At a summit to discuss ways of reconciling defeated Hutus and the Tutsi-dominated government in Rwanda, the leaders also agreed on Saturday that safe corridors from the camps to the border, and safe transit points inside Rwanda, must be set up to enable refugees to return home.
But the communique did not say who should undertake the task. Also, it did not mention the UN Secretary-General Boutros Boutros-Ghali's proposal to send UN troops to restore order in eastern Zaire camps controlled by extremist Hutus - no doubt because ofa shortage of funds and volunteers. Political analysts said the agreed formula would mean little unless backed by an international peace-keeping force with real muscle. Regional observers said none of the seven African states is able to provide such a force, pouring scorn on an offer by Zaire to provide 2,500 troops.
"That is tantamount to internationalising thuggery,'' a Western diplomat said. "Zaire has Africa's, if not the world's, most indisciplined, chaotic and corrupt army. How could it be trusted to do the job?"
At the Nairobi meeting, chaired by President Daniel arap Moi of Kenya, were Presidents Hassan Ali Mwinyi of Tanzania, Yoweri Museveni of Uganda, Sylvester Ntibantunganya of Burundi, Pasteur Bizimungu of Rwanda, Frederick Chiluba of Zambia and the ZaireanPrime Minister, Kengo wa Dondo. UN military and political officials in Rwanda also attended.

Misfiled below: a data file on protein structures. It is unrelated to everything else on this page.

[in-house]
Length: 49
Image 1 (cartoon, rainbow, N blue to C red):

Relief agencies and UN officials accuse soldiers of the former government and extremist Hutu militias of intimidating refugees who want to go home. Extremist Hutus and soldiers are suspected of committing the worst massacres in Rwanda after President Juvenal Habyarimana died in a still unexplained plane crash on 6 April. Some 500,000 Tutsis and moderate Hutus were killed.
The UNHCR says an estimated 1.2 million Rwandan refugees remain in eastern Zaire camps, by far the largest number of those who fled ethnic violence between April and July. Among them are an estimated 30,000 former soldiers and 10,000 militiamen.Reuse content